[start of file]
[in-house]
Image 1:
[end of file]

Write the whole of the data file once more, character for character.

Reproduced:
[in-house]
Image 1: